The Writings of Abraham Lincoln Vol. 1-7

Now do not misunderstand this letter. I do not write it in any
unkindness. I write it in order, if possible, to get you to face
the truth, which truth is, you are destitute because you have
idled away all your time. Your thousand pretenses for not
getting along better are all nonsense; they deceive nobody but
yourself. Go to work is the only cure for your case.

A word for Mother: Chapman tells me he wants you to go and live
with him. If I were you I would try it awhile. If you get tired
of it (as I think you will not) you can return to your own home.
Chapman feels very kindly to you; and I have no doubt he will
make your situation very pleasant.

Sincerely yours,


Nov. 4, 1851


Chapman tells me he wants you to go and live with him. If I were
you I would try it awhile. If you get tired of it (as I think
you will not) you can return to your own home. Chapman feels
very kindly to you; and I have no doubt he will make your
situation very pleasant.

Sincerely your son,



SHELBYVILLE, November 9, 1851

DEAR BROTHER :-When I wrote you before, I had not received your
letter. I still think as I did, but if the land can be sold so
that I get three hundred dollars to put to interest for Mother, I
will not object, if she does not. But before I will make a deed,
the money must be had, or secured beyond all doubt, at ten per

As to Abram, I do not want him, on my own account; but I
understand he wants to live with me, so that he can go to school
and get a fair start in the world, which I very much wish him to
have. When I reach home, if I can make it convenient to take, I
will take him, provided there is no mistake between us as to the
object and terms of my taking him. In haste, as ever,



SPRINGFIELD, November 25, 1851.

DEAR BROTHER:–Your letter of the 22d is just received. Your
proposal about selling the east forty acres of land is all that I
want or could claim for myself; but I am not satisfied with it on
Mother’s account–I want her to have her living, and I feel that
it is my duty, to some extent, to see that she is not wronged.
She had a right of dower (that is, the use of one-third for life)
in the other two forties; but, it seems, she has already let you
take that, hook and line. She now has the use of the whole of
the east forty, as long as she lives; and if it be sold, of
course she is entitled to the interest on all the money it
brings, as long as she lives; but you propose to sell it for
three hundred dollars, take one hundred away with you, and leave
her two hundred at 8 per cent., making her the enormous sum of 16
dollars a year. Now, if you are satisfied with treating her in
that way, I am not. It is true that you are to have that forty
for two hundred dollars, at Mother’s death, but you are not to
have it before. I am confident that land can be made to produce
for Mother at least $30 a year, and I can not, to oblige any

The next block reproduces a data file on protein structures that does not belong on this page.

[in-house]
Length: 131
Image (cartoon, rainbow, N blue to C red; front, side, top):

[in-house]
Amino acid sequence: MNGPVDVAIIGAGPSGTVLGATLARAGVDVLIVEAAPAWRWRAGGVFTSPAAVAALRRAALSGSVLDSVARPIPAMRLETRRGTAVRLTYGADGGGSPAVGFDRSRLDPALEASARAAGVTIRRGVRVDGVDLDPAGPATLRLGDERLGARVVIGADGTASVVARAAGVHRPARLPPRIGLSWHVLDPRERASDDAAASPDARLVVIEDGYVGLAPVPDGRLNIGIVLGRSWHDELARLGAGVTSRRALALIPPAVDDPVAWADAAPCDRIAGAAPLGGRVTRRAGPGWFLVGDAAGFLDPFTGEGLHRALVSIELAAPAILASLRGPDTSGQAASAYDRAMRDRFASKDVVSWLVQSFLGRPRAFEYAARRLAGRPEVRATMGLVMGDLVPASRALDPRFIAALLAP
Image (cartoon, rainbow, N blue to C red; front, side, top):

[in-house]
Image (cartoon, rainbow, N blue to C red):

living person, consent that she shall be put on an allowance of
sixteen dollars a year.

Yours, etc.,




On the fourth day of July, 1776, the people of a few feeble and
oppressed colonies of Great Britain, inhabiting a portion of the
Atlantic coast of North America, publicly declared their national
independence, and made their appeal to the justice of their cause
and to the God of battles for the maintenance of that
declaration. That people were few in number and without
resources, save only their wise heads and stout hearts. Within
the first year of that declared independence, and while its
maintenance was yet problematical, while the bloody struggle
between those resolute rebels and their haughty would-be masters
was still waging,–of undistinguished parents and in an obscure
district of one of those colonies Henry Clay was born. The
infant nation and the infant child began the race of life
together. For three quarters of a century they have travelled
hand in hand. They have been companions ever. The nation has
passed its perils, and it is free, prosperous, and powerful. The
child has reached his manhood, his middle age, his old age, and
is dead. In all that has concerned the nation the man ever
sympathized; and now the nation mourns the man.

The day after his death one of the public journals, opposed to
him politically, held the following pathetic and beautiful
language, which I adopt partly because such high and exclusive
eulogy, originating with a political friend, might offend good
taste, but chiefly because I could not in any language of my own
so well express my thoughts:

“Alas, who can realize that Henry Clay is dead! Who can realize
that never again that majestic form shall rise in the council-
chambers of his country to beat back the storms of anarchy which
may threaten, or pour the oil of peace upon the troubled billows
as they rage and menace around! Who can realize that the
workings of that mighty mind have ceased, that the throbbings of
that gallant heart are stilled, that the mighty sweep of that